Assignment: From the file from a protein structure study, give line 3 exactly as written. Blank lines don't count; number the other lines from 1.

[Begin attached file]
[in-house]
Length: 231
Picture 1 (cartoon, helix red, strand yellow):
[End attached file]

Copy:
Picture 1 (cartoon, helix red, strand yellow):